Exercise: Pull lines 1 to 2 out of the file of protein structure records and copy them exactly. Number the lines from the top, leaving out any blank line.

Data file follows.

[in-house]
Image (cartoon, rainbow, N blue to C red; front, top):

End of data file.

[in-house]
Image (cartoon, rainbow, N blue to C red; front, top):